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Printed Electronics World
Posted on December 11, 2009 by  & 

Emerging display technologies and innovations

On December 10, the UK Knowledge Transfer Network had a meeting in Grove Oxfordshire on Emerging Display Technologies and Innovations. About 35 people attended.
Professor Ian Underwood of Edinburgh University in Scotland described work on microemissive OLED displays under the title "Hypoled - Next Generation Display Platform." He collaborates with German research institutes, start up Mobintech in Denmark and others.
The UK startup Micro Emissive Displays MED moved to Dresden then folded but startup MicroOLED in France and others are continuing the commercialisation of similar devices. He pointed out that cost, size and reliability can exceed that of conventional displays but quality has to be superb because any defects are greatly magnified.
Life is acceptable because these tiny displays are rigid. About 500 are generated from one slice. Dr Peter Harrop addressed the market structure and size for printed and potentially printed electronics, with emphasis on flexible displays. He noted the huge number of recent improvements in ac electroluminescent displays as their proponents successfully fill the market need that will be satisfied by flexible OLEDs when they finally become available with adequate life - a long wait.
Keith Rollins of Dupont Teijin Films the largest supplier of plastic film to the printed electronics industry described their capability. Chris Nice of Liquavista reported that his company has moved from making simple displays to seeking to license technology for the next generation of e-readers in the form of colour, video, flexible, active matrix displays.
These electrowetting displays are twice as efficient as LCD and can do the job that the Barnes and Noble e-reader currently does with two technologies - LCD and electrophoretic.
IDTechEx notes that, because the Liquavista product is not bistable, it will use more power than current e-readers for reading books in black and white - rather, it will create exciting new "up market" e-readers.
Combining display technologies is increasingly common such as E-Ink and ac electroluminescent street posters in Japan by Dai Nippon Printing and Toppan Printing. Citala combined their ac electroluminescent and Polymer Dispersed Liquid Crystal PDLC displays (essentially an electronic shutter over conventional printing) by working with EL leader, Rogers Corp - in this case to give superb day and night viewing.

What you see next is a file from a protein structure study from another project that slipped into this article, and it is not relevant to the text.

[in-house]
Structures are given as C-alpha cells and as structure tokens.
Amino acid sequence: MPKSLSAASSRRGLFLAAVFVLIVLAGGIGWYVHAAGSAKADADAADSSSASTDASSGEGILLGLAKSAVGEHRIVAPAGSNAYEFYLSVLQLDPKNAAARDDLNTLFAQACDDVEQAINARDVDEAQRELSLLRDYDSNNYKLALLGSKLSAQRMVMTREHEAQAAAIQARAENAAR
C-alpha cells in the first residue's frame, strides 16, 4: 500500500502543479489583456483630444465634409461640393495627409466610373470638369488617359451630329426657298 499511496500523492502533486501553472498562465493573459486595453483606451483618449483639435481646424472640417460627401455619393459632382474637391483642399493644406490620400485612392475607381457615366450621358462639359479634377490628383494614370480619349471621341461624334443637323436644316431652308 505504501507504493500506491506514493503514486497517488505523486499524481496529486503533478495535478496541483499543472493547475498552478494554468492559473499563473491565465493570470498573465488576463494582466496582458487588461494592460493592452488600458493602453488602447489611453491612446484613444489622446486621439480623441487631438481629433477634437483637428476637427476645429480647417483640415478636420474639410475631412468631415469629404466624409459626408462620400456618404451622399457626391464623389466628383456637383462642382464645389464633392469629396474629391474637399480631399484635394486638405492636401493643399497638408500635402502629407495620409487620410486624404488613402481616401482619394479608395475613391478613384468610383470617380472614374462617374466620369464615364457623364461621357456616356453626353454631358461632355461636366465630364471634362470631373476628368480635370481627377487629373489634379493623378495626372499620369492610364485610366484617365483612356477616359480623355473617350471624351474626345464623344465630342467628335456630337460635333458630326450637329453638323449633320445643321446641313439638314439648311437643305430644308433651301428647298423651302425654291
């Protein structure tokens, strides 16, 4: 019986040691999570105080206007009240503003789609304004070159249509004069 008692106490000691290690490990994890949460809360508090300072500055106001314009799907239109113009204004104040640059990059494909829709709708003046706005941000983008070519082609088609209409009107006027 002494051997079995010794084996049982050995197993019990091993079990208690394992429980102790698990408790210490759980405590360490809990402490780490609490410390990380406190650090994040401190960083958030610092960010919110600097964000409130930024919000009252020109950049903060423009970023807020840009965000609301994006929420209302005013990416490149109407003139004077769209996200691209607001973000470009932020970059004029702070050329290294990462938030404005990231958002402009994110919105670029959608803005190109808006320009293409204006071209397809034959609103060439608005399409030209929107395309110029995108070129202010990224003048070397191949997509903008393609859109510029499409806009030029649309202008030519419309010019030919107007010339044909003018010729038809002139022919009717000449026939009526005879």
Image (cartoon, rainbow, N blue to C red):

Unlike E-Ink, Liquavista will let the backplane manufacture the front plane as well, rather than buy front plane film from them. Full colour capability may be three years away.
There are barrier layer challenges but the Liquavista products currently in the laboratory already exhibit temperature range and speed far superior to electrophoretics. Mono, colour filter reflective and single layer transflective versions have been demonstrated. Liquavista keeps a watching brief on the 180 million smart phones and the 21 million netbooks sold in 2009 because these are among the other possible applications for their technology.
Dr Adrian Geisow of Hewlett Packard noted that new devices such as e-readers have the display taking over 60% of the cost, 35% of the weight and a massive 80% of the power. He described how printed flexible construction can help using the HP Self Aligned Imprint Lithography SAIL, some colour passive matrix displays having already been demonstrated using this approach.
Professor Wayne Cranton of Nottingham Trent University took up the theme of flexible ac electroluminescent displays now advancing rapidly in function and sales.
IDTechEx had noted advances such as brighter white, better colours, wireless powering, more effects and so on and his contribution is brighter white by lateral transmission, called Light Emitting Thin Film Electroluminescence LETFEL which is sunlight readable. It involves laser processing to anneal the Mn doped ZnS phosphor without damaging the dielectric interface that produces the photons.
His other work is also very relevant to displays, including ink jettable antimony tin oxide transparent electrodes, though these are too resistive at 400 ohms/sq at present. He collaborates with Keeling & Walker and Printed Electronics Ltd on this. Direct laser patterning is another interest.
Professor Duncan Bruce of the University of York described work on new liquid crystal formulations serving as triplet emitters. Much of the original liquid crystal development was in the UK and the tradition continues.
James Dutson of Plasma Quest gave the first announcement of a breakthrough in RF sputtering - Extended Planar Plasma EPP - that provides 90% target utilisation and one meter web width, potentially increasing to three meters for reel to reel deposition. The unique type of sputtering practised by Plasma Quest not only permits room temperature deposition with great uniformity and control of stress but indium tin oxide ITO of half the traditional resistivity ie with 10 ohms/ square has been demonstrated for transparent electrodes.
Fund raising distributed to the printed electronics sectors since 2008 (in USD million)

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Posted on: December 11, 2009

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